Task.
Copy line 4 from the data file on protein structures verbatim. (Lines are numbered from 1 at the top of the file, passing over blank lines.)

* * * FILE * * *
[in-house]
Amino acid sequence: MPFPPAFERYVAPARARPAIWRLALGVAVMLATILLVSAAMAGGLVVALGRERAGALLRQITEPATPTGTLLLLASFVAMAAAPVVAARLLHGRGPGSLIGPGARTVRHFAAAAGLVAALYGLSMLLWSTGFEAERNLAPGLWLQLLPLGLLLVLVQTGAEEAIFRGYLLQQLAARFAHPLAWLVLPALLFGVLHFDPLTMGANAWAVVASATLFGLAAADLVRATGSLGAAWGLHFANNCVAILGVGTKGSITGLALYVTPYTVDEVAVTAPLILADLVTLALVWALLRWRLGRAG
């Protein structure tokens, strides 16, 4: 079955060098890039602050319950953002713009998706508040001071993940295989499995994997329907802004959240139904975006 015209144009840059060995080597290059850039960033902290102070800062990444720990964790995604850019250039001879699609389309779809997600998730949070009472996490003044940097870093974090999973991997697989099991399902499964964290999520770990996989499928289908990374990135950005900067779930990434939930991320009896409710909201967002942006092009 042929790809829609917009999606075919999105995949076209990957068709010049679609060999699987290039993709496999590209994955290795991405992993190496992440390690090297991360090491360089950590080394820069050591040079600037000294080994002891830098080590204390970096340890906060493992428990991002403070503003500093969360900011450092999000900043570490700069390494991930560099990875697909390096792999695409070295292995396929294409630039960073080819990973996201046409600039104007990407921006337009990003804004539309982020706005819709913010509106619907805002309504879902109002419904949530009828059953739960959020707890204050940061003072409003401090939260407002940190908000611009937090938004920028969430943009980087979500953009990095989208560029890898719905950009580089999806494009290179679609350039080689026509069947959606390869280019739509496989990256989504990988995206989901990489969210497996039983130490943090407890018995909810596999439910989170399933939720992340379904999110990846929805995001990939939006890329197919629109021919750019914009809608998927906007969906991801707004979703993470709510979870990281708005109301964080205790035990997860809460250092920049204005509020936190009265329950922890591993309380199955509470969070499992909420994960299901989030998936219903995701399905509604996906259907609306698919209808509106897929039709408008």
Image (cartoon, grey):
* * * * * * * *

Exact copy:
Image (cartoon, grey):